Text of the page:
Now that you have the party in town for a week (or two), what are they going to do? If you get blank looks, be prepared to throw "plot seeds" at them from all sides. Hopefully you should be able to reduce these seeds over time. Run with any that seem to sprout.

Seed ideas:

  • Have a feastday or a festival on the designated "rest" day
  • maybe a local noble invites the party to dinner and asks them to relate stories from the road
  • Maybe they can pick up free lodging in the tavern with the same tales they told the noble a day or two earlier?
  • Maybe they can be paid to tell those same tales, but have the nobility always end up the butt of the joke(s)?
  • And if the bard is really good, tell the same tales, the nobles always end up the but of the joke(s), yet is subtle enough that the nobility does not pick up on that particular fact?
  • A beggar very noticeably steals a loaf of bread while the baker's back is turned
  • a ruffian steals from the charity wagon
  • a (corrupt?) guard kills someone in the central square for no perceptible reason in broad daylight
  • the priest of the local town's dominant faith has a crisis of faith and chuckles when the party asks for a blessing
  • The rogue realizes that the street gambling dealer is cheating, badly
  • There is a plague in the area, and the priest has a large amount of food for those in the plague house but is afraid of catching the disease, will the paladin deliver it?

Anything that will inspire 5-10 minutes of play or an interesting conversation is the key here. Let the players play things of interest, and drop any (with minor consequences if necessary) items they aren't interested in. Also, as Rob suggested in comments, give them story awards for the roleplaying. They see the beggar and tell the baker that "we just saw someone steal a loaf of bread, but here's the coppers for it", give them a few XPs. The players decide to talk to the priest and show him that his faith is well-placed is a harder encounter but should still be token as compared to a level-appropriate fight.

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Rewards for roleplaying will help make the transition; xp for interaction, backstory and talking to people? That will help garner interest as it will tempt them with rewards. I encouraged my players to do backgrounds in Pathfinder (for example) by only allowing them to buy traits if they've written a background. Everyone bar one wrote one, compared to previous campaigns where I only got one background fullstop. –  Rob Aug 14 '12 at 14:06
    
The "what are they going to do" question is covered by the linked question. This one is more about how to get players interested and invested in roleplaying. I'm not saying this answer is bad, but perhaps you want to split it between the two questions? –  dpatchery Aug 14 '12 at 14:10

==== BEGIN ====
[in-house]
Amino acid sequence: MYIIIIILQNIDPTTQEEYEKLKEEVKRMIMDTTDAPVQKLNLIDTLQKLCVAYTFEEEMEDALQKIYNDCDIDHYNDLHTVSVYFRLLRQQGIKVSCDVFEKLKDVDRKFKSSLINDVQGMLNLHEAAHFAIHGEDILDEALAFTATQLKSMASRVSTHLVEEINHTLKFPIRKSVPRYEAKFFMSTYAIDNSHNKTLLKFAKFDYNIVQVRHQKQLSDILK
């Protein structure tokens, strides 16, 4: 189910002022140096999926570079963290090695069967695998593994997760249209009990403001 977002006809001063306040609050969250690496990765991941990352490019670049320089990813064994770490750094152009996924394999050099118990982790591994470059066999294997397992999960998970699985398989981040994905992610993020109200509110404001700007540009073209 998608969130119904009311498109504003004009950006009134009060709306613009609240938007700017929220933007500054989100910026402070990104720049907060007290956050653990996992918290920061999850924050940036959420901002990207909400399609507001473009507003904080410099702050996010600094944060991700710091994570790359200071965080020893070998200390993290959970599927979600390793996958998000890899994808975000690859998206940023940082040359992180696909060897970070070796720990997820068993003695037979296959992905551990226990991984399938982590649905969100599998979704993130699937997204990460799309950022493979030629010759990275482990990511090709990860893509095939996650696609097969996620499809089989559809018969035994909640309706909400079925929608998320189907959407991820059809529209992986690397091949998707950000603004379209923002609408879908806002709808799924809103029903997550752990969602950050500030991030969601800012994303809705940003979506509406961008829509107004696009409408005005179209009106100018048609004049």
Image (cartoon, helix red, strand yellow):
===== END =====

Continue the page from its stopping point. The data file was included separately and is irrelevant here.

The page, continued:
@dpatchery, maybe I should copy/paste this answer in both locations? I would answer both questions with this same advice. How do you fill the time? Throw ideas at them and play what they like, how do you make them WANT to fill the time? Throw them interesting things that cause them to run around the town and have conversations/skill challenges. Unless your players have zero interest in RP in town. –  Pulsehead Aug 14 '12 at 14:17
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@Rob, I'm going to edit in the XP idea, players will almost always do more of what gets them more XPs. –  Pulsehead Aug 14 '12 at 14:18
    
@Pulsehead Yep! Pavlov them with XP! :) –  Rob Aug 14 '12 at 14:22

Stealing blatantly from Amber...

Give out small (or not so small) bonuses for role-playing. A few XP per session (I do not have a good value here, but it should probably be no more than 10% of what one would normally acquire during a single session) where a player produces an artefact from the character's POV.

  • A diary entry (summarising the session)
  • Art (maybe)
  • Writes another few paragraphs of backstory
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Why do people ever do roleplaying? Give the party challenges that can't be overcome by a die roll, and let them figure out what to do next.

  • Give them tasks that pit them against good people and using force won't be acceptable.
  • Put a powerful disguised evildoer in the midst of their friends and allies. Their detect evil spells aren't working, yet they know there's something wrong.
  • Send them to get help from a rival kingdom. They're going to have to talk the king into helping. If they use magic to compel the rival king to help, when that news gets out, they'll be seen as evildoers.
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One of the biggest ways that you can signal that you're doing a transition is to buy into it from your side. You have to take that step mentally first, then take it when you're doing your descriptions.

You say that your GMs have traditionally narrated the time in town- fast forwarding through the group's time there. If you switch up the narration, adding details, and leaving it open-ended, it will give them cues, i.e.